Isolation and primary culture of DRG neurons and microglia
DRG neurons obtained from SD rats (60–80 g) as previously described . Briefly, L4–L6 DRGs were excised in ice-cold DMEM/F12 medium (10565018, GIBCO, USA) and mechanically dissociated from Sham, SNI, SNI + G15, G1, β-alanine groups. After digested with tyrpsin (T9201, Sigma, USA) and collagenase (C9891, Sigma, USA) for 30 min in 37 °C, DRG neurons were seeded onto cover slips coated with poly-l-lysine (P7890, Sigma, USA) in a humidified atmosphere (5% CO2, 37 °C) for up to 4 h and then were used for patch-clamp recording.
Primary neuron culture and treatment
Primary microglia cultures were prepared from postnatal day 1 (P1) SD pups as previously described. Briefly, SD pup DRGs were harvested and transferred to neurobasal medium (Thermo Fisher) supplemented with B-27 (Thermo Fisher) and penicillin/streptomycin (Thermo Fisher). DRGs were enzymatically dissociated by incubating in 2 ml of HEPES-buffered saline (Sigma) containing collagenase A (1 mg/kg, Sigma) and dispase II (2.4 U/ml, Roche Applied Sciences) for 20 min at 37 °C. Supernatant was carefully removed, replaced with 2 ml of fresh collagenase A/dispase II solution and incubated for 20 min at 37 °C again. Cells were transferred to a tube containing 10 ml of DMEM/10% FBS (Thermo Fisher), centrifuged for 1 min at 200 g at 4 °C, and resuspended in 800 μl of DMEM/10% FBS containing DNase I (150 U/ml, Thermo Fisher). DRG cells were dissociated with fire-polished glass Pasteur pipettes (VWR International) with decreasing tip diameters to create single-cell suspensions. Cells were resuspended in 2 ml of neurobasal medium (Life Technologies), and then centrifuged (260g, 10 min) after overlaying on a 10% bovine serum albumin (BSA) gradient (diluted in Neurobasal medium from a 30% BSA solution in PBS, Sigma). Supernatant was removed and resulting pellet resuspended in neurobasal medium for plating. half of the medium was replaced with fresh media every two days.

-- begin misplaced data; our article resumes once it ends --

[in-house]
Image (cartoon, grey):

Primary microglia culture and treatment
Primary microglia cultures were prepared from postnatal day 1 (P1) SD pups as previously described . Briefly, SD pup DRGs were harvested, and then placed in DRG supplemented with 10% heat-inactivated FBS, 50 IU/ml penicillin, 50 g/ml streptomycin, 2 mM l-glutamine, 100 M non-essential amino acids. DMEM-F12 and 2 mM sodium pyruvate. DRG tissues were then incubated in 0.25% trypsin–EDTA for 30 min with gentle agitation. The trypsin reaction was stopped by adding a double volume of DMEM/F12 complete medium, and then the DRG tissue was washed 3 times. The tissue is then gently triturated to prepare a single-cell suspension, which is then passed through a 70 m nylon mesh cell strainer to remove tissue debris and aggregates. Cell suspensions were then made in DMEM/F12 complete medium and seeded into T-75 flasks, which were incubated at 37 °C in a humidified 5% CO2. The medium was changed after 5–6 days, and the mixed glial cells were grown to confluence. Microglia were isolated to 97% purity from confluent mixed glial cultures by differential adhesion and magnetic separation, and then allowed to recover 48 h after plating. Treat primary microglia in DMEM/F12 complete medium containing 2% FBS.
Construction and transfection of small interfering RNA (siRNA)